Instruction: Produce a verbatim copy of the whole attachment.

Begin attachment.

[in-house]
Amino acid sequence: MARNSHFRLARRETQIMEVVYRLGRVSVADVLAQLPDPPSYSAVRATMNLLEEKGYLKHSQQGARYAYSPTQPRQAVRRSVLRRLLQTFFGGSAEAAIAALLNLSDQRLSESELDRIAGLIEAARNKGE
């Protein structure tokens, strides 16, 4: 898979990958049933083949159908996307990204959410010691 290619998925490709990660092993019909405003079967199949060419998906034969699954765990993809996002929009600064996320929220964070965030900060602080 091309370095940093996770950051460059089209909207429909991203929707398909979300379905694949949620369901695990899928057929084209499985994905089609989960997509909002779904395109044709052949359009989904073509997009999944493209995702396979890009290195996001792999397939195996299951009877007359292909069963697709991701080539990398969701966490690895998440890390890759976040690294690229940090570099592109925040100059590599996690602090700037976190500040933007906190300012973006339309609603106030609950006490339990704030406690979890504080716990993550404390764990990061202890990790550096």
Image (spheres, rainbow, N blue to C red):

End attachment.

[in-house]
Amino acid sequence: MARNSHFRLARRETQIMEVVYRLGRVSVADVLAQLPDPPSYSAVRATMNLLEEKGYLKHSQQGARYAYSPTQPRQAVRRSVLRRLLQTFFGGSAEAAIAALLNLSDQRLSESELDRIAGLIEAARNKGE
């Protein structure tokens, strides 16, 4: 898979990958049933083949159908996307990204959410010691 290619998925490709990660092993019909405003079967199949060419998906034969699954765990993809996002929009600064996320929220964070965030900060602080 091309370095940093996770950051460059089209909207429909991203929707398909979300379905694949949620369901695990899928057929084209499985994905089609989960997509909002779904395109044709052949359009989904073509997009999944493209995702396979890009290195996001792999397939195996299951009877007359292909069963697709991701080539990398969701966490690895998440890390890759976040690294690229940090570099592109925040100059590599996690602090700037976190500040933007906190300012973006339309609603106030609950006490339990704030406690979890504080716990993550404390764990990061202890990790550096």
Image (spheres, rainbow, N blue to C red):